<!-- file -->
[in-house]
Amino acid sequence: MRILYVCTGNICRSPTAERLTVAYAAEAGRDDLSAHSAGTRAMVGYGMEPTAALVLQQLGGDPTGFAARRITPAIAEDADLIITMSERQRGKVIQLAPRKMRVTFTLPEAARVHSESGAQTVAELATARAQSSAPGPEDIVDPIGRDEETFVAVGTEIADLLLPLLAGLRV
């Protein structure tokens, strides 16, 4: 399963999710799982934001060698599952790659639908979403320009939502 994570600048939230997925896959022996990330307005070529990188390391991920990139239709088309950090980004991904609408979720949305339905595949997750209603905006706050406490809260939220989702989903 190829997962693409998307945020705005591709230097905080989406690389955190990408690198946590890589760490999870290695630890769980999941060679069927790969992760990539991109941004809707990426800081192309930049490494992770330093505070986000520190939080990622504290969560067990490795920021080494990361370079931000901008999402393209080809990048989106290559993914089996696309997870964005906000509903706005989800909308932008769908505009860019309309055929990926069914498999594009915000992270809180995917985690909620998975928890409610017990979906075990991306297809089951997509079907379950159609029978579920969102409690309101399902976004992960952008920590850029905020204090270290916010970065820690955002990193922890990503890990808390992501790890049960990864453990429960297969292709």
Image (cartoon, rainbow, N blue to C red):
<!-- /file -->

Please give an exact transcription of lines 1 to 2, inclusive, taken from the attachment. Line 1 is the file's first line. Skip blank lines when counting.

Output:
[in-house]
Amino acid sequence: MRILYVCTGNICRSPTAERLTVAYAAEAGRDDLSAHSAGTRAMVGYGMEPTAALVLQQLGGDPTGFAARRITPAIAEDADLIITMSERQRGKVIQLAPRKMRVTFTLPEAARVHSESGAQTVAELATARAQSSAPGPEDIVDPIGRDEETFVAVGTEIADLLLPLLAGLRV